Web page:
Gough: I’d like to think so. I don’t like to be political within my music, but there’s a little bit of politics in that song in particular. There’s always an undercurrent of social comment in my music anyway, because I want my music to be an act of good. I’m trying to make the world a good place and wondering why there’s so much shit going on, so I think that’s an undercurrent, the underlying theme, in all of the music that I make. I just want to share something decent. But I think there’s a strange similarity in how I chose to write “Born in the U.K.,” because I have several different angles that I could have come from, different eras of my life that I could have focused on writing about. I chose to go with the early memories that, for some reason, stick with you, even though they’re the vaguest memories that you’ve got. For some reason, they stick with you the longest. I can’t remember things that happened last year, but the stuff that happened in the first ten years of my life, it’s quite strangely vivid yet lucid. You can’t quite grasp it, but you can feel it. It’s like a smell or something like that. I chose to focus on those images, that I had as a kid, growing up in the ’70s and early ’80s—the pointlessness of [former British Prime Minister Margaret] Thatcher sending people to war. And that’s still happening today with Bush and Blair sending people off today, so there’s a little bit of that in there, which strangely comes full circle with “Born in the U.S.A.” Again, that’s serendipity, rather than me trying to think about what to write about. It just came out. That makes me feel kind of proud, like I’m doing something right, because I’m only following instincts. I didn’t study any of this stuff; it just came out. That’s what happens when you write songs. Writing music and the rock and roll lifestyle, the main reason you want to do it is to get away from study and real work, to get away from all of those things you have to do at school. When you write a song, you just instinctively follow your feelings and just make stuff up. That’s how the stuff comes about.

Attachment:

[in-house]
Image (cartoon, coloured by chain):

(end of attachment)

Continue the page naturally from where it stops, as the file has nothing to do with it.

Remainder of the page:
UTR: Do you think the U.K. of your youth is a lot different than the U.K. of today?

Gough: Yeah, I think it is. I think there are parallels, in that there were always troubles in the world. Maybe for me, it feels different because you’re shielded from those troubles when you’re a kid. Childhood is supposed to be a period when you’re protected from all the crap that goes on. My kid is not aware of 9-11, because I don’t want him to be. You don’t want them to have to experience the terror and tragedy of something like that. A lot of the things I’ve written about are kind of retrospective. I just know the names and details. One of the main points of that song [“Born in the U.K.”] is that I was so young that I didn’t know what punk rock was. I’ve learned about it since. For me, it was more about the Silver Jubilee. I don’t remember punk rock. That’s the reason to put that in the song. I think the world has gotten too complicated, and people were probably saying that back in the ’70s, but 30 years down the line, the world really has gotten too complicated. There’s too much technology, which on one hand is helpful but on the other hand detrimental. Computers crash and businesses go out of business, because we rely so much on this technology that is always fucking up. I don’t want to be old-fashioned, but it would be nice to go back to the horse and carriage and get rid of cars. Then Bush wouldn’t have any reason to go to Iraq and get the oil. You’d be going somewhere else to get the best pony. That won’t go down well in the American press will it?